And this sordid fright, who is a “perfect” hair’s breadth from victory and just minutes from the end of a historic deceit (and of a career that will carry him into the Pantheon of frauds after L. Ron Hubbard, Victor Lustig, and Charles Ponzi); this Cerberus who, with fifty false personalities, has known the rut, the imperial priapism, and finally, the imagined slight with helpless remonstrations; this preening fop, upon whom the blue adorns a pimp’s pride in stain of rape, who had only the very last steps to scale to enter ignominy for good, commits the predictably incomprehensible act that amounts to disqualification from the public ritual – the final image of him that will go down in history and, in lieu of apotheosis, will cast him into hell.
Everyone will know, as I write, what actually happened on the field of Tripoli’s usurpation.
Everyone will know what the faux philosopher, Bernard-Henri Lévy, did and said (in the debacle that NATO bombs had dominated with all their grace) to waken old colonial demons in children from the streets of Algiers, the very demons that NATO’s history of lies – its ethic, its aesthetic, its propaganda – are made to quell.
Even if we knew why; even if we knew for certain whether the extinct North African Sephardic insulted him, or rightfully cursed his mother, father, brothers, sister; even if we got hold of the black box of those two days that saw this moron demonstrate in a flash his legend that is a mix of narcissist king; a Rasputinish love for a Hungarian midget; the past mayor of Neuilly-sur-Seine; and, last but not least, the bombastic NATO captain leading troops to consecration with the shedding of brown people’s blood; even if we knew the whole story, this man’s suicide would be as all ordinary suicides are; no reason in the world explains the desperate act of a man’s vanity – no provocation, no naturally nasty personality, will ever tell us why the planetary icon that Bernard-Henri Lévy has imagined himself to be; a man with more philosophical faults than any pedophile pope; a freak, the non-chosen one, this great priest-by-self-consensus of the new cult oil barons’ empire-in-the-making, chose to ejaculate on history right here, rather than wait to settle for sanity on the sideline.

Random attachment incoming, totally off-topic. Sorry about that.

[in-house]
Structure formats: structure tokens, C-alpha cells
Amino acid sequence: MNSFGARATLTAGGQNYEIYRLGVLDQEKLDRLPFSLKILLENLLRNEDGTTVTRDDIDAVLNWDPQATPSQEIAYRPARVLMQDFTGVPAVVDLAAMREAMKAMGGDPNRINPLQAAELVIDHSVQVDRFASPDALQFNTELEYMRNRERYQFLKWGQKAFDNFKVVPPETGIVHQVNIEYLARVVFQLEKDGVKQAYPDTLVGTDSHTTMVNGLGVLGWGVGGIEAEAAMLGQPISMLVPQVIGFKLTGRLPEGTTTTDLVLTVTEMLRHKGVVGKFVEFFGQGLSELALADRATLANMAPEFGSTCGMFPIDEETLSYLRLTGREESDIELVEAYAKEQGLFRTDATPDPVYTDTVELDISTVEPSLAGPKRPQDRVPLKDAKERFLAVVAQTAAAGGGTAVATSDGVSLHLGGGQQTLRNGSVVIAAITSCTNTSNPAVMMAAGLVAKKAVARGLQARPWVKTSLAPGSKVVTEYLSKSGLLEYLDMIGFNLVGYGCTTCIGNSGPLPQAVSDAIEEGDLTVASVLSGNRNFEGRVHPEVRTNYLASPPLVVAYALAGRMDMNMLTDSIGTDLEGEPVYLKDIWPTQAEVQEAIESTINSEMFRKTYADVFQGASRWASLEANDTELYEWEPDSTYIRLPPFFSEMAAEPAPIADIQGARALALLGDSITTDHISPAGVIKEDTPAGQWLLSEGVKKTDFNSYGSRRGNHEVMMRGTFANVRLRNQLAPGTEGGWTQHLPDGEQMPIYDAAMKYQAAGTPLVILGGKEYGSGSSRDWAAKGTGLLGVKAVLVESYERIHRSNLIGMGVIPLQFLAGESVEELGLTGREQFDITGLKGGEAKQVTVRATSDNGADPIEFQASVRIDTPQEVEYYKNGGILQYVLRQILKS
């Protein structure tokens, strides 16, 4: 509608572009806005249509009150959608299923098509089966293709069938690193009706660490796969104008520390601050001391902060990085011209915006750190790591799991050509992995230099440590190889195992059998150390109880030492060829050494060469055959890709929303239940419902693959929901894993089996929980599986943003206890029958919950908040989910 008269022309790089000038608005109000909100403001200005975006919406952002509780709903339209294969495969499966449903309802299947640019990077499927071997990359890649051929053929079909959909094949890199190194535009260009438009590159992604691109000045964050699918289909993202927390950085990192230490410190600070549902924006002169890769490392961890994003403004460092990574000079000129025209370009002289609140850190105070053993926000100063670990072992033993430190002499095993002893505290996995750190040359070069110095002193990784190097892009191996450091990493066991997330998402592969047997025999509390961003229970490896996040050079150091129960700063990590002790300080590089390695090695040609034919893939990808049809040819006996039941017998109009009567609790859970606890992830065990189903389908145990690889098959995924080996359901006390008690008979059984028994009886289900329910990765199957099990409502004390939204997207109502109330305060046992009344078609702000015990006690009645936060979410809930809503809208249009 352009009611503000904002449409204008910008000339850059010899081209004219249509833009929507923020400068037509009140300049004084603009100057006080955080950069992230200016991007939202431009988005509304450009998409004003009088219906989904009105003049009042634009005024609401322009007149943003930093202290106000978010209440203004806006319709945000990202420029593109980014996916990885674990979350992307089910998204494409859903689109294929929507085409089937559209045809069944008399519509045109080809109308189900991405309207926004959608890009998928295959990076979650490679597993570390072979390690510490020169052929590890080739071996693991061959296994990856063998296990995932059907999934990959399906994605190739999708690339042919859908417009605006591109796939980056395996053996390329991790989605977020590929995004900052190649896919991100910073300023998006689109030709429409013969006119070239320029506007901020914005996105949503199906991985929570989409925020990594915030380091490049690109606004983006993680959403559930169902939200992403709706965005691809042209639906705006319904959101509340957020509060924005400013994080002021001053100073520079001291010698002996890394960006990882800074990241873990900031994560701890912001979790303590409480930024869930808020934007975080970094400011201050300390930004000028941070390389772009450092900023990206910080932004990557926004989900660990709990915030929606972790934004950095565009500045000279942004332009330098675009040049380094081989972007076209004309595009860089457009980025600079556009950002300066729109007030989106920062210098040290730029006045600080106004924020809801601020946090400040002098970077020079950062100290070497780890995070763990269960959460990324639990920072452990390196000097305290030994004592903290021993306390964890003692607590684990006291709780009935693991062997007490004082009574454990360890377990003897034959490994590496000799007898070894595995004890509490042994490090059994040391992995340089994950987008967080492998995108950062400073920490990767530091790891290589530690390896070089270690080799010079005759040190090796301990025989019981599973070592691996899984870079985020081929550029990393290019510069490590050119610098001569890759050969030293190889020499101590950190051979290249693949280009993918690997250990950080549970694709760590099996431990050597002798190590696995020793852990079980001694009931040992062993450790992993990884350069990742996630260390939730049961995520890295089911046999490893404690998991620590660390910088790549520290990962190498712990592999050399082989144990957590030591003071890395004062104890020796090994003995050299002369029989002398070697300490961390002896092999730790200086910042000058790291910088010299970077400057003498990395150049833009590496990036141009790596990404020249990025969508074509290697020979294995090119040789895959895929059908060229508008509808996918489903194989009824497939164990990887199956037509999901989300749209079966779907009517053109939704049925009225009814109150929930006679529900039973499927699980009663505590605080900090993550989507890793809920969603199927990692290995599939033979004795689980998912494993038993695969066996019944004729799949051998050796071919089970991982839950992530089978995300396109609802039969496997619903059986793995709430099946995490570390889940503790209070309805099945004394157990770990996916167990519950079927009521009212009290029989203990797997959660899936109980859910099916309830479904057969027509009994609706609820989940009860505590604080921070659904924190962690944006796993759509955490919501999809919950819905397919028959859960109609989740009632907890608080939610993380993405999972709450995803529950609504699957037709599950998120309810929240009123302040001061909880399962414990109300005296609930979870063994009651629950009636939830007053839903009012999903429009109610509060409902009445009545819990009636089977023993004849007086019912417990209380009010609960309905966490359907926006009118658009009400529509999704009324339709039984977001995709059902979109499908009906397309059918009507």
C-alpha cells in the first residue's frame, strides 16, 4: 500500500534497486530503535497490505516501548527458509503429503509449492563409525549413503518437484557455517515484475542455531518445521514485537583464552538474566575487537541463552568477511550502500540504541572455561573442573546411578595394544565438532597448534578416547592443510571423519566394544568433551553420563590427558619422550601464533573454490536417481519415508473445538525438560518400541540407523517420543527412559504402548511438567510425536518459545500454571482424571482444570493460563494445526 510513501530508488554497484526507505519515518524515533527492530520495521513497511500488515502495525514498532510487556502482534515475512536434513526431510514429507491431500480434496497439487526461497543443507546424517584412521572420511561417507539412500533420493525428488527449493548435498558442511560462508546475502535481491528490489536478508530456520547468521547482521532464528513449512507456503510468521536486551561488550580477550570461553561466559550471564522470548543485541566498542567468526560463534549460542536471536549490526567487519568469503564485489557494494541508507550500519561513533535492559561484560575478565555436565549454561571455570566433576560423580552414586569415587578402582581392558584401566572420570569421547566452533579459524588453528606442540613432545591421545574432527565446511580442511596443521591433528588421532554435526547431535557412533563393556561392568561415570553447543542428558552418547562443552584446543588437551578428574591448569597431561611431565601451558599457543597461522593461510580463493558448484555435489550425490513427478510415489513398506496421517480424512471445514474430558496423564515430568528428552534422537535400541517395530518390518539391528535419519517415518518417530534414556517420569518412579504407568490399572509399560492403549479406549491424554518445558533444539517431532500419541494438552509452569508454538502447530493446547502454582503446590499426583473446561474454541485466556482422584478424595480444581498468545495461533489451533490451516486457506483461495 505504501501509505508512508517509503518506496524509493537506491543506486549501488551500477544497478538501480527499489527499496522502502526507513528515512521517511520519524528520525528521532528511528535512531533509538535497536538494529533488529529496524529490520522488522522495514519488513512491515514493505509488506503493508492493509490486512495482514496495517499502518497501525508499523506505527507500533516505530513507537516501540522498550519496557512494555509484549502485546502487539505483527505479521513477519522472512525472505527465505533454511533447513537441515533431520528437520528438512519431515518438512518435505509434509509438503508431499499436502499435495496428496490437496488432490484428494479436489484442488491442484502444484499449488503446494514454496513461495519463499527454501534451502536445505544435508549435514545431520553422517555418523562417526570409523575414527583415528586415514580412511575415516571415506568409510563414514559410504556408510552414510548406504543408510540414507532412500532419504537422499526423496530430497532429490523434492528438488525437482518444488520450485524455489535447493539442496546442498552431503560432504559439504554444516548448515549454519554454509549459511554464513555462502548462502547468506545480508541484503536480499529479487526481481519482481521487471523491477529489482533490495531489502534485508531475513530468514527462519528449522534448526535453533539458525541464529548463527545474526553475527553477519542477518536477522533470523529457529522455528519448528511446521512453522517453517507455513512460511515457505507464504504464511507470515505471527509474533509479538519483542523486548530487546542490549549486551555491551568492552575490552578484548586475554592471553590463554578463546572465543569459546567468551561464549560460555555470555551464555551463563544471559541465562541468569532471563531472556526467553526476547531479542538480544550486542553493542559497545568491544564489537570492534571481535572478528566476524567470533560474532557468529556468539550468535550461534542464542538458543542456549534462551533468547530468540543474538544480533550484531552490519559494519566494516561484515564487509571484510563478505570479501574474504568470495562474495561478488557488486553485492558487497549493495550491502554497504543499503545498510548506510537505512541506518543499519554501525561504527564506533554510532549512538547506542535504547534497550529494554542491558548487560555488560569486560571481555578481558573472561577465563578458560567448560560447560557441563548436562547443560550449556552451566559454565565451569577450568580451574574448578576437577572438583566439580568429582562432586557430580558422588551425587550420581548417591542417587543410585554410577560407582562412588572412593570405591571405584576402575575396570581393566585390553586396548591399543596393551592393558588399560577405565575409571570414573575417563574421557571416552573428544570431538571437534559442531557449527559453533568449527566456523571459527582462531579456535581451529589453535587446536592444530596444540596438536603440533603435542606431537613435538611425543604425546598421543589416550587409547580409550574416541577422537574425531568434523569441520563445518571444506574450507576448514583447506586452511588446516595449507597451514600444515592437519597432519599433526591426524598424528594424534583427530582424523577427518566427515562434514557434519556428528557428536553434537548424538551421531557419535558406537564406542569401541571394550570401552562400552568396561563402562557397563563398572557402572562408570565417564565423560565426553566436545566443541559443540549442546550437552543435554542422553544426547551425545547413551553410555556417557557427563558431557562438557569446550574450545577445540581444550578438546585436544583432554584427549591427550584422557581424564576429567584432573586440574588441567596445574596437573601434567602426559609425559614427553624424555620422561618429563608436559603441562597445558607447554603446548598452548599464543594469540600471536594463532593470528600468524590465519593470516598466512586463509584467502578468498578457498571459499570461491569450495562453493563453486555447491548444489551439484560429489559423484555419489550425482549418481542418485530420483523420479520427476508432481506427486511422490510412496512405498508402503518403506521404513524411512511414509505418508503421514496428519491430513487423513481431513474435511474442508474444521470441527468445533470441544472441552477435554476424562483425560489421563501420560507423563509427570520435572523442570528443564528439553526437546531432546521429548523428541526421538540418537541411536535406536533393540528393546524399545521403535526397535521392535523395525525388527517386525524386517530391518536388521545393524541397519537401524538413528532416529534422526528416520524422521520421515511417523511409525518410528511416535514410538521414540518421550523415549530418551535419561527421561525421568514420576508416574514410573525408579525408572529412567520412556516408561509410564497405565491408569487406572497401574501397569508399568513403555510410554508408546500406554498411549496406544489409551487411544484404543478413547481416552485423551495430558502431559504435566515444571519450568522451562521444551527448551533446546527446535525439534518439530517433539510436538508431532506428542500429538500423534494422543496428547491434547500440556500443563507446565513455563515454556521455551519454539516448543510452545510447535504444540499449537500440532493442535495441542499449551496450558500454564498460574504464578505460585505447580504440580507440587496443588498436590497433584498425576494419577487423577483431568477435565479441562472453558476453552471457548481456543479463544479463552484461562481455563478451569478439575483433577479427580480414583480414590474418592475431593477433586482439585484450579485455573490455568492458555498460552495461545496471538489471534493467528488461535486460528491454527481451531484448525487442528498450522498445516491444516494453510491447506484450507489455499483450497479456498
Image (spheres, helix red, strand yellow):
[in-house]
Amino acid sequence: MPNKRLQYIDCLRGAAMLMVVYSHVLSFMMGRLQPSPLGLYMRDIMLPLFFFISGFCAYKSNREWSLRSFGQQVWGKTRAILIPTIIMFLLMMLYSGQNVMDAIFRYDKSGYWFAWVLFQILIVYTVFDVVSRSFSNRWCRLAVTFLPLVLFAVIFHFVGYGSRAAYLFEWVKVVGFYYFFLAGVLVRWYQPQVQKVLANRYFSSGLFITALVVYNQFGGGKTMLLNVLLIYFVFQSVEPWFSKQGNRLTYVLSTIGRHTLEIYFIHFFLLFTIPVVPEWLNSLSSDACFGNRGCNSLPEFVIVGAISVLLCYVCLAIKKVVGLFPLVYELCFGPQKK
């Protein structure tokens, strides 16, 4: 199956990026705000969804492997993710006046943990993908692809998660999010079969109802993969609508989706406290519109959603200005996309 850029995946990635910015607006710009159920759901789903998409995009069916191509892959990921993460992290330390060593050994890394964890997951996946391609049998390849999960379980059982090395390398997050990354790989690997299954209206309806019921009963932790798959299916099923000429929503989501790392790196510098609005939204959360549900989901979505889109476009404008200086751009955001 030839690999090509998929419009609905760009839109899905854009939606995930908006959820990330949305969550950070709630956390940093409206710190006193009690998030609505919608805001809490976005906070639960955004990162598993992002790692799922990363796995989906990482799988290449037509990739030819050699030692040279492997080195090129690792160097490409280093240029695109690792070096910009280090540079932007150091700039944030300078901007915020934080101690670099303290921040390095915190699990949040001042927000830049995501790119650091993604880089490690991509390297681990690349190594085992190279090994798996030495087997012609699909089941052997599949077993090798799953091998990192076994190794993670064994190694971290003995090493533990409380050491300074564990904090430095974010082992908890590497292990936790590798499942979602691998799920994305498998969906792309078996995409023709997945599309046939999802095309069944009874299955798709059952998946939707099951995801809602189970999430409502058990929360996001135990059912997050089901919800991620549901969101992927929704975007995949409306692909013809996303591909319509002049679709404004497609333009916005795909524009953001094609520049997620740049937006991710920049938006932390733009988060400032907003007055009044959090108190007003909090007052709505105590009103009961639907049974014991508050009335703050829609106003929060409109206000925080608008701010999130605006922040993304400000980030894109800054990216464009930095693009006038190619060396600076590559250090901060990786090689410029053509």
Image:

No. The truth is that it is perhaps not so easy to stay unsullied in the skin of a self-imagined icon, narcissist demigod, faux hero, paranoid fascist pop-legend.
The only plausible explanation for so bizarrely scuttling everything – which, remember, let a lot of time go by (the four long months following NATO’s precisely calculated first bomb dropped) in order to concentrate itself into the outburst of an orgy of oilmen stupidly losing control of their militia – the only explanation is that there was in this fraud a kind of public recoil, an ultimate inner revolt, against the synthetic parabola, the stupid statue, the beastified monument, that the era had transformed Libya into over these past months.